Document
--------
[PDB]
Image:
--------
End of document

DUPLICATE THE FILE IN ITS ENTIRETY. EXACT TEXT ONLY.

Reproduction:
[PDB]
Image: